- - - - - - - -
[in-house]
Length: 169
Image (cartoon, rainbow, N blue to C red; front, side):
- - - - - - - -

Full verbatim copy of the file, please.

[in-house]
Length: 169
Image (cartoon, rainbow, N blue to C red; front, side):